September 25, 2013

Amazon workers sue over unpaid security screenings


The lion’s den: inside an Amazon warehouse.

Current and former Amazon warehouse workers in Kentucky, Tennessee, and Washington have filed class-action lawsuits against the online retail giant over lengthy, unpaid security screenings they are forced to undergo whenever they leave the facilities in which they work, including unpaid breaks.

The lawsuits allege that workers spend at least 40 minutes a week—some reports have that number at 20-30 minutes per day—being screened “for stolen goods or contraband.” These screenings occur after the workers, who are paid hourly, have punched out.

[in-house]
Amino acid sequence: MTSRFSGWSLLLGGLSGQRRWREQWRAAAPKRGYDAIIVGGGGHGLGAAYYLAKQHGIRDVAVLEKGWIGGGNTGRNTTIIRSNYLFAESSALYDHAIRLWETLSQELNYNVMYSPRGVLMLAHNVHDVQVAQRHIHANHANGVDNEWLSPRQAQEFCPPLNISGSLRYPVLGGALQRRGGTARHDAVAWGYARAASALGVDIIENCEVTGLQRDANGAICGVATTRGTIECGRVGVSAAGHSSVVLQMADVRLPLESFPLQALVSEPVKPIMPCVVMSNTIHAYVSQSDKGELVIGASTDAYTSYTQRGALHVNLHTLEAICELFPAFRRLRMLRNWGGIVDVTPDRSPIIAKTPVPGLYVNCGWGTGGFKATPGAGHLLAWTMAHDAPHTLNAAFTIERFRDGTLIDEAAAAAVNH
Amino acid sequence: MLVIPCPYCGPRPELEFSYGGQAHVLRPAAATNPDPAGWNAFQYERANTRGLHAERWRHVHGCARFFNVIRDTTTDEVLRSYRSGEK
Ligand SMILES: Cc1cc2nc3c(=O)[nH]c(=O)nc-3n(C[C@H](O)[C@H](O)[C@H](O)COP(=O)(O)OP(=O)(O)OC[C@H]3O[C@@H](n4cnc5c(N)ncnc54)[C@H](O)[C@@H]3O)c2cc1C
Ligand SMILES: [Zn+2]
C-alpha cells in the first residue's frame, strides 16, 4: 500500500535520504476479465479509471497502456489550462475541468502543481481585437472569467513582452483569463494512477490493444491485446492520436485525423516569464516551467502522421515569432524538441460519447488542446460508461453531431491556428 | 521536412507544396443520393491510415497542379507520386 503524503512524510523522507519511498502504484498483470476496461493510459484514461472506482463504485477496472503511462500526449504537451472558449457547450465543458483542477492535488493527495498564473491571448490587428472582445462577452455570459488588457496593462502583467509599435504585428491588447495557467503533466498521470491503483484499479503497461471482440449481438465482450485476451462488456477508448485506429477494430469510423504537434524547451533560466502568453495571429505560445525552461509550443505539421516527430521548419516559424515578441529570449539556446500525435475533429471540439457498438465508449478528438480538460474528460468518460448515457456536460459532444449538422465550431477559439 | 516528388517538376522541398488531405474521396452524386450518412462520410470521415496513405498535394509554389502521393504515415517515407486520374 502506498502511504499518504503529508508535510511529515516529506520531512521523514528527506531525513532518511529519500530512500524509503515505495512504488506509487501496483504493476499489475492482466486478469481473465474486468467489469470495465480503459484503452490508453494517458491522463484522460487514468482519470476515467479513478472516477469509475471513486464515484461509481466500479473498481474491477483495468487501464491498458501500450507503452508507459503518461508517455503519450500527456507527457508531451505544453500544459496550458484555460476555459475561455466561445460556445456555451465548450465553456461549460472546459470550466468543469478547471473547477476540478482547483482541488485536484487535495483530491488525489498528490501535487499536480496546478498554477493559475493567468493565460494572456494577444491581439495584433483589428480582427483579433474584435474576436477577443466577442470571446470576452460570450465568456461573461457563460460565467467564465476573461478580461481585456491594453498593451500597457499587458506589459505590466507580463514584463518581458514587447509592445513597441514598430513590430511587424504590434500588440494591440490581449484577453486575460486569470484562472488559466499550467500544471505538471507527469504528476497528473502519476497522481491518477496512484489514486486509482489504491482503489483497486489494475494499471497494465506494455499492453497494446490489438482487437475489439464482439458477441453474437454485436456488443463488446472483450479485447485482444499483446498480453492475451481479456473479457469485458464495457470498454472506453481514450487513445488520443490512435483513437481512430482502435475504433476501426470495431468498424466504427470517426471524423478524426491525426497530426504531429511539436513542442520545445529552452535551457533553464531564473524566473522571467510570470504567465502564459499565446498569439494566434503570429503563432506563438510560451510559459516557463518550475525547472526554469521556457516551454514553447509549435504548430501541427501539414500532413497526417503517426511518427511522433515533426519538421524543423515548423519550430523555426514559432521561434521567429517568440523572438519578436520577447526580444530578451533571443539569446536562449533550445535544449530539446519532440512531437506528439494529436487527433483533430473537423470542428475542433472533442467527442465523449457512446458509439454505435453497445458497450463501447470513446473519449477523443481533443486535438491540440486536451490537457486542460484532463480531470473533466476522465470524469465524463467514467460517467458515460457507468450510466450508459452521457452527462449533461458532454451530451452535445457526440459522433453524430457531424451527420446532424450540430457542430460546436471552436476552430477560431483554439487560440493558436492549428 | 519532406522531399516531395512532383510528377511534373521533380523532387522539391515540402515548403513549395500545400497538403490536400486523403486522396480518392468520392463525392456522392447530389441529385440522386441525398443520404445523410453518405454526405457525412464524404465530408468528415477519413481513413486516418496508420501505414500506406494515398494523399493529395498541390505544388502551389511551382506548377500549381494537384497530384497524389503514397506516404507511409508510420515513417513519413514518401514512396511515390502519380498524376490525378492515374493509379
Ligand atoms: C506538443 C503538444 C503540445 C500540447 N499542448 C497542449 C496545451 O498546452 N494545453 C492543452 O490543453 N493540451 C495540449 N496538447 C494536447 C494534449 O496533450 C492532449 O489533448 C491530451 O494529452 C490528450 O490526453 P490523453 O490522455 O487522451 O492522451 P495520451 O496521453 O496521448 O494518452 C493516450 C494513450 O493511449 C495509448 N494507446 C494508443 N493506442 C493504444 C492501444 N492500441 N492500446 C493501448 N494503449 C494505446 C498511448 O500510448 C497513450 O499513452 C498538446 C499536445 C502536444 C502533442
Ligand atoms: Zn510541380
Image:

The workers are being represented by the Nashville, Tennessee law firm Barrett Johnston, LLC. Attorney David Garrison told The Huffington Post‘s Dave Jamieson that “We’re bringing as many of these cases as we can because we think we’re right on the law, and we think these workers are being underpaid.”

According to Jamieson, “the workers argue that they should be paid for the screening time because it’s a requirement, not an option—and because Amazon is the one to benefit from it… [and that] the screening eats up nearly half of their unpaid work breaks, which are mandated by law.” Garrison told Jamieson that the firm has been in contact with Amazon workers “on both coasts” about filing further lawsuits. It’s unclear how many workers are involved in the lawsuits.

A spokesperson for Amazon declined to comment.



Alex Shephard is the director of digital media for Melville House, and a former bookseller.